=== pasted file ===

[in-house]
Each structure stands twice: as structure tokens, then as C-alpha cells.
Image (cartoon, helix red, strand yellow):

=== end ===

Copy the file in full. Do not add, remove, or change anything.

[in-house]
Each structure stands twice: as structure tokens, then as C-alpha cells.
Image (cartoon, helix red, strand yellow):